(P) 12. And having been divinely warned in a dream not to return to Herod, they departed to their own country by another way.]—χρηματισθέντες] The verb in the passive means to be instructed, admonished; cf. Luke 2:26, Hebrews 8:5; Fayûm Towns (Grenfell and Hunt), 137. 2; Ditt. Syll. 738. 8, 807. 1, 7, 11, 15.—κατʼ ὄναρ] cf. on 1:20.—δἰ ἄλλης ὁδοῦ] The same feature occurs in the story of Tiridates’ visit to Nero, Dio Cassius, lxiii. 7.�Mat_10 times, Mar_1, Lk. 0.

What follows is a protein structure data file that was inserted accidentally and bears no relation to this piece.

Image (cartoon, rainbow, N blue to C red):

The main outline of the story of the Magi is in many respects noteworthy for its historical probability. The expectation of a world’s Redeemer, or in Palestine of a Jewish Messiah; the interest of Eastern Magi in these questions; their presence in the west to do homage to the supposed Saviour; the inference from Micah 5:1 that Bethlehem was to be His birthplace: all this violates no canon of historical probability. The only detail that has a legendary atmosphere about it is the statement that the star moved before the Magi as they went to Bethlehem, until it stayed over the house where the child lay. This may be due to the Jewish narrator poetically accounting for the fact that the Magi were successful in their search for the child. It is extremely unlikely that he intended it to be taken as a bald statement of fact, literally describing how the star in some strange manner enabled the searchers without other aid to identify the particular house in Bethlehem in which the holy family were dwelling. In view of the editor’s interest in the fulfilment of prophecy, it is very strange that he does not cite Numbers 24:17 for the star, or Isaiah 60:6, Psalms 72:10, Psalms 72:11, Psalms 72:15, for the bringing of gifts. But it is difficult to think that the two last passages were not in his mind, and that they may account for the specification of two of the gifts as gold and frankincense. On the other hand, such gifts would be natural enough as the offerings of Magi who came to search for a world’s Redeemer. The modern theory, that the story is a literary fiction, based only upon legendary motives and folklore analogies, violates every probability. In view of the matter of fact character of the editor of this Gospel, it is almost certain that he believed that he was transmitting matters of actual fact. And it is in every respect probable that he was not altogether mistaken. If we suppose that astrologers in Babylon were acquainted with current expectation of the birth of a universal King, that they inferred from some unique astral phenomenon that He had been born in the west, i.e. in Palestine; that some of them came to Jerusalem in search of Him; that their errand came to the ears of Herod, and that the Jewish authorities suggested Bethlehem as the right place in which to expect the birth of the Messiah; that the Magi went there and found the newborn babe, whether by popular rumour that Mary, wife of Joseph ben David, had given birth to a child under strange circumstances, or by inference from the position of the heavenly bodies; that they did homage to the child, and, thinking it best not to trust Herod, left secretly on their journey homewards: we need not press every detail of the narrative. Descriptive detail may in some small measure have crept into it from the Old Testament or from analogous literary or folklore stories, just as they have certainly been used to embellish the story in its later history in the Church (cf. Zahn, in loc.). But these, if they exist at all in Mt.’s account, are mere literary embellishments of a story which in outline is intrinsically probable in view of the atmosphere of thought of the period described.